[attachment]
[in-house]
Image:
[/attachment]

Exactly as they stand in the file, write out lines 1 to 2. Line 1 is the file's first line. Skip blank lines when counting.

[in-house]
Image: